The phoenician women essay
A monologue from the play by Euripides
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NOTE: This monologue can be reprinted from The Takes on of Euripides in English language, volume. ii. Trans. Shelley Leader Milman. Birmingham: J. Meters. Dent Kids, 1922.
JOCASTA: Believe me, O Eteocles my kid
Old age is definitely not by simply wretchedness exclusively
Attended: even more discreetly than rash youth
Experience talks. Why dost thou woo ambition
That a lot of malignant goddess? O forbear!
For shes a enemy to justice, and hath entered
Full many a mansion, various a prosperous town
Nor kept them until in ruin she consists of
All those who harbour her: yet this is she
In whom thou doatst. Twere better, U my boy
To progress equality, who have joins
Close friends, cities, heroes, in one steadfast league
For by the laws and regulations of character, through the globe
Equality was stablished: however the wealthy
Detects in the lesser man a consant foe
Hence unhealthy enmity comes its resource.
Equality, among the human race
Steps, and dumbbells, and numbers hath ordained:
Both the dark orb of night and radiant sunlight
Their total annual circuits similarly perform
Every single, free from envy, to the different yields
At the same time, thus night and day afford
Their very own services to man. Yet wilt not thou
End up being satisfied to keep an equal section
Of these websites, and to thy brother give
His due. Where in that case is proper rights? Such value
As dry reason disapproves, why payst thou
To empire, to oppression crowned with succeed?
To be a public spectacle thou deemst
Were honourable. Tis but empty pride.
Once thou hast much already, why fill in
To toils unnumbered? Things that are superfluous prosperity
But only name? Satisfactory to the smart
Is competence: for guy possesses naught
Which he can call his own. Nevertheless for a time
What bounty the indulgent gods bestow
All of us manage, they will resume that at their very own will:
Volatile riches fade in a day.
Can i to thee th alternative propose
Either to rule, or preserve thy local land
Couldst thou answer that thou hadst rather reign?
But if he overcome, and the Argive spears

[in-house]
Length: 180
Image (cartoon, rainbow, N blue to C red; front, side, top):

Oerpower the squadrons who coming from Cadmus springtime
Thou wilt behold Thebes taken, wilt behold
Each of our captive virgins ravished by foe:
That empire which in turn thou seekst will show the levnedsl?b
Of thy loved country, yet thou still persistst
In mischievous ambitions crazy career.
So far to thee. And now for you I speak
O Polynices, favours the majority of unwise
Are those Adrastus hath you bestowed
And with misjudging fury will you be come
To spread dreadful havoc oer your native land.
Should you (which may possibly the righteous gods avert! )
This city consider, how will you rear end the trophies
Of such a struggle? How, if you have laid
The country spend, th initiatory rites
Carry out, and slay the victims? On the banking companies
Of Inachus displayed, using what inscription
Enhance the spoilsFrom blazing Thebes these glasses
Hath Polynices won, also to the gods
Devoted? Under no circumstances, O my son, through Greece
May well you obtain this kind of glory. But if you
Are vanquished and Eteocles prevail
To Argos, leaving the ensanguined field
Strewn with unnumbered corses of the slain
How can you run away for succour? Twill end up being said
By simply some malignant tongue: A curst cha?non
Is this which will, O Adrastus, thou hast formed:
We to the wedding of one virgin mobile owe
Our ruin. You are speeding, O my own son
In a twofold mischief: losing most
That you strive, and triggering your courageous friends
To perish. Um my daughters, this wild excess
Of rage, with joint happening, lay apart.
By similar folly when two chiefs inspired
To battle rush, dire mischief need to ensue.
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